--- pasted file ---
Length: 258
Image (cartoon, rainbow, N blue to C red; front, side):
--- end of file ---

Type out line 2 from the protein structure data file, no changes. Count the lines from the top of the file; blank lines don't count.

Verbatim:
Image (cartoon, rainbow, N blue to C red; front, side):